Point and click adventure games are not nearly as present in the gaming industry as they once were, but that doesn’t mean there is no passionate group of people who still love them. They are well known for providing unforgettable stories, jokes, and laughs for days, and of course, the obscure puzzle that requires you to try everything before you finally get it. While those moments can be frustrating, we still love this genre. Here is a quick look at ten of the best point and click adventure games ever.
Broken Sword: The Shadow of the Templar
The Broken Sword series started on a very strong point in 1996. You play as George Stobbart as he attempts to unravel a conspiracy in Paris. People loved many aspects of the game, including the story, voice acting, and art direction. Even with a notorious goat situation, the puzzles were rather positively received as well. What is impressive with the first Broken Sword game is the excellent sales the title saw on the first PlayStation when adventure games only saw success on computers.
Day of the Tentacle
This list could have easily been made into a “Best LucasArts games” article with the numerous brilliant additions that the studio made to the point and click genre. Day of the Tentacle was initially released in 1993 and was one of the first projects Tim Schafer was a leader on. It focused on tentacles taking over the world after getting into sewage and growing arms. You play as a group of kids who use a time machine to go back in time and stop the tentacles from becoming too powerful. The cartoon style and comedy received great acclaim when it first released and have helped this remain one of the most popular point and click games of all time.
Full Throttle takes the usual happy-go-lucky themes of LucasArts games and runs them over with a motorcycle. The story follows Ben, the leader of a motorcycle gang framed for murder. The actual murderer (played by Mark Hamill) is trying to take over a motorcycle company and produce mini-vans instead of bikes. Ben’s journey is to clear his and the gang’s name. Overall, the game is widely beloved for its voice acting and music, but the overall story is an absolute thrill ride from start to finish.
Grim Fandango follows Manny Calavera, a struggling salesman who works for the Department of Death. The DoD is a business that, as a group, works as the Grim Reaper and gives recently deceased souls travel packages to their final resting place. Should a soul have lived an unvirtuous life, they will have to travel for four years before they see rest. The story and 3D animation were a big step for LucasArts at the time, and the game saw critical praise for its humor, but for whatever reason failed financially when it was first released in 1998. Despite its original failure, it is considered one of the greatest games ever made.
Kings Quest VI: Heir Today, Gone Tomorrow
Made by Sierra Entertainment, King’s Quest VI was released in 1992 and is widely regarded as the best the series ever got. The game stars Prince Alexander in his journey to save Princess Cassima in the Land of the Green Isles. Not commonly done at the time, the game also supported multiple endings, pushing the title’s replayability.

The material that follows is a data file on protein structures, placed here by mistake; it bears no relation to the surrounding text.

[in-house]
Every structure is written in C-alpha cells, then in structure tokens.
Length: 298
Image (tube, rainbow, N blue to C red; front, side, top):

Maniac Mansion is the 1987 predecessor to Day of the Tentacle and sees a teenager named Dave trying to save his girlfriend from a mad scientist. Throughout the game, you will play as Dave and choose two of his six friends as they venture through the scientist’s house. Maniac Mansion was revolutionary in games, being one of the first-ever to use cutscenes. Its user interface helped propel point and click adventure games into the spotlight through the 80s and 90s.
Sam & Max Hit the Road
After positive fan reception in some LucasArts comic strips, Sam and Max made their video game debut in 1993. The two are freelance police who are chasing down a runaway Bigfoot and giraffe-necked girl for a carnival. The game’s cartoony humor and the story of the trip across America hold up even today, and Sam & Max still receive games now and then, with a virtual reality title releasing in 2021. The difference between them and other adventure game characters is that, even though they are jerks, people care about them and want to see how they react in their crazy situations.
The Secret of Monkey Island
The adventures of Guybrush Threepwood will always live on as some of the most iconic works from LucasArts. In the first game released in 1990, the wannabe pirate overcomes trials and comes into contact with the legendary Captain LeChuck’s ghost. All of the classic beats of an entertaining story, wacky puzzles, and interesting characters make an appearance here and in the games that would follow.
Space Quest IV: Roger Wilco and the Time Rippers
Releasing in 1991, the fourth Space Quest game has Roger Wilco, the janitor/space captain, travels through various games in the series, both in the past and future. The excellent classic writing seen in other Space Quest games was at an all-time high here with great references and fourth-wall-breaking humor. This one of the first video games ever to use motion capture animation and was so successful it sold more than all three previous Space Quest games combined.
The most recent game on this list, Thimbleweed Park, was a Kickstarter success made by former LucasArts developers and released in 2017. As an FBI agent, you begin the game investigating a small-town murder before taking over a clown cursed never to take off his makeup, a computer programmer, and more. The combination of the game’s story and graphics is a perfect call back to LucasArts at the top of their game.